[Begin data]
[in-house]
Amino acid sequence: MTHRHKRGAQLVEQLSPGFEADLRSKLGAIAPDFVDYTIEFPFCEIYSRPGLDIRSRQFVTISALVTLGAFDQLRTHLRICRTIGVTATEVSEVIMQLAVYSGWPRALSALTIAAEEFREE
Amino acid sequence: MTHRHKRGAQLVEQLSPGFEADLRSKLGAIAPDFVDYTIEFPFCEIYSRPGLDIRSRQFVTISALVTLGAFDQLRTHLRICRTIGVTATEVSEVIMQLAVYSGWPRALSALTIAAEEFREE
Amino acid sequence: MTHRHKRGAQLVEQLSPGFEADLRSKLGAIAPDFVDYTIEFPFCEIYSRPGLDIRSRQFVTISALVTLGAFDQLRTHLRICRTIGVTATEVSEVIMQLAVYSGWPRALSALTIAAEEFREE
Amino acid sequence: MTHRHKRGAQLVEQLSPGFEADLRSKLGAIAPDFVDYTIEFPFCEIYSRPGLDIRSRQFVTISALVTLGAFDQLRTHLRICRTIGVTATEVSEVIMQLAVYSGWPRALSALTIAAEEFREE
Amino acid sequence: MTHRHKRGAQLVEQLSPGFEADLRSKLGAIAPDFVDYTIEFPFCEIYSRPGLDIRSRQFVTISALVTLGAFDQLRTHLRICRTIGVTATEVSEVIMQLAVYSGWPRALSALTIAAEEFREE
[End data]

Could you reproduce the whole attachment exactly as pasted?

[in-house]
Amino acid sequence: MTHRHKRGAQLVEQLSPGFEADLRSKLGAIAPDFVDYTIEFPFCEIYSRPGLDIRSRQFVTISALVTLGAFDQLRTHLRICRTIGVTATEVSEVIMQLAVYSGWPRALSALTIAAEEFREE
Amino acid sequence: MTHRHKRGAQLVEQLSPGFEADLRSKLGAIAPDFVDYTIEFPFCEIYSRPGLDIRSRQFVTISALVTLGAFDQLRTHLRICRTIGVTATEVSEVIMQLAVYSGWPRALSALTIAAEEFREE
Amino acid sequence: MTHRHKRGAQLVEQLSPGFEADLRSKLGAIAPDFVDYTIEFPFCEIYSRPGLDIRSRQFVTISALVTLGAFDQLRTHLRICRTIGVTATEVSEVIMQLAVYSGWPRALSALTIAAEEFREE
Amino acid sequence: MTHRHKRGAQLVEQLSPGFEADLRSKLGAIAPDFVDYTIEFPFCEIYSRPGLDIRSRQFVTISALVTLGAFDQLRTHLRICRTIGVTATEVSEVIMQLAVYSGWPRALSALTIAAEEFREE
Amino acid sequence: MTHRHKRGAQLVEQLSPGFEADLRSKLGAIAPDFVDYTIEFPFCEIYSRPGLDIRSRQFVTISALVTLGAFDQLRTHLRICRTIGVTATEVSEVIMQLAVYSGWPRALSALTIAAEEFREE